Pep, of course. If you search on youtube you can find versions of us singing the Inno, and also perhaps of Roma’s other two “official” tunes, both also by Antonello Venditti, celebrated Roman and cheesy crooner extraordinaire: Grazie Roma (which is played at the end of the match only if we win) and as written for the 83 scudetto, and the much rarer “Che C’é?” which he wrote for the 2001 scudetto.

  9. Pep

    Thank you Spangly. I love formaggio not just provolone or boccancini type. I love the Roma roma roma type formaggio. My father is an Inter milanista. And he thinks i became a Roma fan when i tripped down the stairs as child and hit four of the twelve steps with my head.

    Grazie tanti

  10. Pedant

    A tiny point on an excellent article, the song isn’t called ‘Bread of Heaven’ but ‘Cwm Rhonnda’ or (in English) ‘Guide Me, O Thou Great Jehovah/Redeemer’.

  11. ursus arctos

    In the early days of the NFL, a number of teams had college-like “fight songs”, but Hail to Redskins is the only one that has survived to the present day with any sort of popular following (“Bear Down, Chicago Bears” was one of the other ones).

    The fact that NFL teams were generally not capable of supporting large marching bands in the era before stadium music was taken over by organs and “jock rock” likely has something to do with that. The Redskins actually had a band (as did the Colts while they were in Baltimore).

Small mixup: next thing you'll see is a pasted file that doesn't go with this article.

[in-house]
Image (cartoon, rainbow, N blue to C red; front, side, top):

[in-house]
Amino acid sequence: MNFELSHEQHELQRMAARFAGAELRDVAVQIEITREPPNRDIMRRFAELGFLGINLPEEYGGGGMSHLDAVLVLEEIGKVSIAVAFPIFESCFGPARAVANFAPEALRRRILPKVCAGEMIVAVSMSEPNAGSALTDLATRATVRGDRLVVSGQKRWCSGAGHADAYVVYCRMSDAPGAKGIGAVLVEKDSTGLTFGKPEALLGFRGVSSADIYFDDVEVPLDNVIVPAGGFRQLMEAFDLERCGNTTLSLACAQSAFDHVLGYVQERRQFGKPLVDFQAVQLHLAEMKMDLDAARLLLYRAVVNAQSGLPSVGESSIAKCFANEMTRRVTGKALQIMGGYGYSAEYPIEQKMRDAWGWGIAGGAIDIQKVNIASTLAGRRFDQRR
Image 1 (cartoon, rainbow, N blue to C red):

12. Gavski

    Interesting to read about the origins of the Seven Nation Army chant. A football fan all my life, I can honestly say i never heard this chant prior to the 2006 Scottish Cup semi-final between Hearts and Hibs in April 2006. The song played over the speakers at Hampden Park provoked a spontaneous chant to the bass line (tongue in cheek but rather politically incorrect ;) amongst the Hearts fans mocking the sexuality of their city rivals with “Oh the Hibees are gay”.

    I did not hear this chant again aside from being sung by Hearts fans until the Italians sang it at the world cup to diffrent words.

    Incidentally, the Hearts won 4-o ;) !

  13. Per Bristow

    A agree with you, most songs are “spectacularly cheesy, both musically and lyrically”. But that’s what it’s all about. It has to be. I can’t even imagine 1000s of drunken blokes, putting their arms around each other and singing something that is not completely over the top. Do you?

  14. lyrics

    music is gift of Jesus the heavenly God! i don’t like comparing one singer to another as it is god gifted. i just praise every singer and there voice and the heart that sings out.